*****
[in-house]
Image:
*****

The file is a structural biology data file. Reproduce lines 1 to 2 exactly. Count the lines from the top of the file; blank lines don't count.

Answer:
[in-house]
Image: